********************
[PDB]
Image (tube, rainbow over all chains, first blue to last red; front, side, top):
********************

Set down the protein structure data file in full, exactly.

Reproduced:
[PDB]
Image (tube, rainbow over all chains, first blue to last red; front, side, top):